Exercise

# Characterizing editing communities

You're now going to combine what you've learned about the BFS algorithm and concept of maximal cliques to visualize the network with an ArcPlot.

The largest maximal clique in the Github user collaboration network has been assigned to the subgraph `G_lmc`

. Note that for `NetworkX`

version 2.x and later, `G.subgraph(nodelist)`

returns only an immutable view on the original graph. We must explicitly ask for a `.copy()`

of the graph to obtain a mutatable version.

Instructions

**100 XP**

- Go out 1 degree of separation from the clique, and add those users to the subgraph. Inside the first
`for`

loop:- Add nodes to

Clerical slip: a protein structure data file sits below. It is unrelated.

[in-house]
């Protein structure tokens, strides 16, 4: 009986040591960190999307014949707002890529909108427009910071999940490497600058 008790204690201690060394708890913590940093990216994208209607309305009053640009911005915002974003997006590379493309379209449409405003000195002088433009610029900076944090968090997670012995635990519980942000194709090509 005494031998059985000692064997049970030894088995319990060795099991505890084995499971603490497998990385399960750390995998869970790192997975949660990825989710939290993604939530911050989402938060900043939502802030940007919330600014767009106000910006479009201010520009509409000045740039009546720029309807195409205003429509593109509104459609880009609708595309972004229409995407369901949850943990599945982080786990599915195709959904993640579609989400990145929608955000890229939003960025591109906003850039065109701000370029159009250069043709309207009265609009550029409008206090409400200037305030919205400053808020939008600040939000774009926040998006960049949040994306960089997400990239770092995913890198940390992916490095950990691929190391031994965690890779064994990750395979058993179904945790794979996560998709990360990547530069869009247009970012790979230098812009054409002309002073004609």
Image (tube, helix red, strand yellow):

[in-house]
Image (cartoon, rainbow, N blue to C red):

`G_lmc`

from the neighbors of`G`

using the`.add_nodes_from()`

and`.neighbors()`

methods. - Using the
`.add_edges_from()`

, method, add edges to`G_lmc`

between the current node and all its neighbors. To do this, you'll have create a list of tuples using the`zip()`

function consisting of the current node and each of its neighbors. The first argument to`zip()`

should be`[node]*len(list(G.neighbors(node)))`

, and the second argument should be the neighbors of`node`

.

- Add nodes to
- Record each node's degree centrality score in its node metadata.
- Do this by assigning
`nx.degree_centrality(G_lmc)[n]`

to`G_lmc.node[n]['degree centrality']`

in the second`for`

loop.

- Do this by assigning
- Visualize this network with an ArcPlot sorting the nodes by degree centrality (you can do this using the keyword argument
`node_order='degree centrality'`

).